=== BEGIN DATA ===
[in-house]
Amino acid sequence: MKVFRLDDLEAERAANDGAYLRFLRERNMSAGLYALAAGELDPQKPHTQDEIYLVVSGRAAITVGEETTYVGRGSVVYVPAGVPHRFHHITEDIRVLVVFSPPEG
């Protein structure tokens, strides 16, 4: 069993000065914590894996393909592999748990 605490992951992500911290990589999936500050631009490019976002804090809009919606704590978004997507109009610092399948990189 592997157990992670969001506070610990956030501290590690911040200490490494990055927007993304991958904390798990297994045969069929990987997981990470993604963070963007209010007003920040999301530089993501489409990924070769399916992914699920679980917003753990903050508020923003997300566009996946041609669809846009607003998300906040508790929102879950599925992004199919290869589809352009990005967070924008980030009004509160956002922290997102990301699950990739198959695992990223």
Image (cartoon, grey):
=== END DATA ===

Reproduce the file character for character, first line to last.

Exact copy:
[in-house]
Amino acid sequence: MKVFRLDDLEAERAANDGAYLRFLRERNMSAGLYALAAGELDPQKPHTQDEIYLVVSGRAAITVGEETTYVGRGSVVYVPAGVPHRFHHITEDIRVLVVFSPPEG
């Protein structure tokens, strides 16, 4: 069993000065914590894996393909592999748990 605490992951992500911290990589999936500050631009490019976002804090809009919606704590978004997507109009610092399948990189 592997157990992670969001506070610990956030501290590690911040200490490494990055927007993304991958904390798990297994045969069929990987997981990470993604963070963007209010007003920040999301530089993501489409990924070769399916992914699920679980917003753990903050508020923003997300566009996946041609669809846009607003998300906040508790929102879950599925992004199919290869589809352009990005967070924008980030009004509160956002922290997102990301699950990739198959695992990223």
Image (cartoon, grey):